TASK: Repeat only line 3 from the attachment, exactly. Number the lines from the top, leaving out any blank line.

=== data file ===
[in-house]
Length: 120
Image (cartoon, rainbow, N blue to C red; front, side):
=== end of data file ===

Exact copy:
Image (cartoon, rainbow, N blue to C red; front, side):